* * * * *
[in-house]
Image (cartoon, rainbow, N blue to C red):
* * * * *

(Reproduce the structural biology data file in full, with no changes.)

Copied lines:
[in-house]
Image (cartoon, rainbow, N blue to C red):